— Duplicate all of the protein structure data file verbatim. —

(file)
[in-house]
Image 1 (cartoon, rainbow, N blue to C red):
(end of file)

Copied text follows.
[in-house]
Image 1 (cartoon, rainbow, N blue to C red):